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What is the Norwegian krone (NOK)?

Credit Ratings & Outlook

In the latest credit ratings from December 1970, Moody's gives Norway a Aaa rating, with a stable outlook. Fitch has a stable outlook with a AAA rating. Finally, S&P last issued a AAA rating, with a stable outlook.

Sovereign credit ratings play an important part in determining a country’s access to international capital markets, and the terms of that access. Sovereign ratings help to foster dramatic growth, stability, and efficiency of international and domestic markets.

Central Bank Rate

The current central bank interest rate is 1.50%. This is the same as 2011, which was 1.75%.

GDP

In 2010 the total GDP was $417,464,662,895 in US Dollars, while the per capita GDP was $85,388. It fell by 0.68% over the previous year.

Unemployment

The latest unemployment rate for 2012 is 3.20%.

Consumer Price Index

The latest consumer price index for 2010 is 111.90.

Political Structure

The current head of the government is Prime Minister Jens Stoltenberg, and the head of state is King Harald V (in a ceremonial role).

Currency Details

The Norwegian krone is the official currency for Norway. The krone has been growing stronger for some time, reaching record highs in 2002 against the euro and US dollar. In the beginning of 2002, 1 US dollar was worth approximately 9 Norwegian kroner. On July 1 USD was worth 7.3 kroner. Interest rates, as well as ever increasing crude oil prices have had an impact on the appreciation of the Norwegian krone. Norway is the 3rd largest exporter of oil, and consequently increases in demand for oil have moved more money into Norway’s economy.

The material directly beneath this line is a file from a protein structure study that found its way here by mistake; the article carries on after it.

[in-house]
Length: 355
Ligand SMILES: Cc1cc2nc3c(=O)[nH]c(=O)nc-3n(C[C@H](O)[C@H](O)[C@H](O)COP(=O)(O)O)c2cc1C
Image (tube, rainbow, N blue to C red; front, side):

Moody’s Rating
Aaa, 28 Nov 2001
S&P Rating
AAA

Sovereign credit ratings play an important part in determining a country’s access to international capital markets, and the terms of that access. Sovereign ratings help to foster dramatic growth, stability, and efficiency of international and domestic markets.

What does it look like?

Political Structure

Norway’s government is a constitutional monarchy. It has 19 provinces, and the King heads its executive branch. The cabinet is made up of the state council and is appointed by the monarch with the approval of the Parliament. There are no elections for the executive branch in Norway because the monarch is hereditary. The prime minister is usually the leader of the majority party. The legislative branch has a modified unicameral Parliament; it has 165 seats where members are elected by popular vote by proportional representation for 4-year terms. The last elections were held in September 2001, and will next be held in September 2005. The judicial branch is called the Hoyesterett and the monarch appoints its justices.

Prominent Figures

N/A

Key Economic Factors

As a result of its small population, Norway’s economy is, as compared with the rest of the world, relatively small. In 2002 its nominal GDP was approx. 1 Billion, it was ranked as 12th out of 19 of the western European countries. However, in terms of per head, proportionally, Norway is one of the wealthiest countries in Europe. In 2002, Norway’s share of private consumption accounted for 45.1% of the GDP, which is relatively small compared to the European average of 56%. On the other hand, public consumption (21.9%) was higher than the European average, yet low for Nordic standards (compared with Denmark and Sweden). Gross fixed investment was also above the European average, coming in at 17% of the GDP in 2002, which boosted the offshore sector. However, as oil prices increase, offshore investment have declines. Norway’s exports and imports account for 41.5% and 27.3% of the GDP, which is less than most of Europe.

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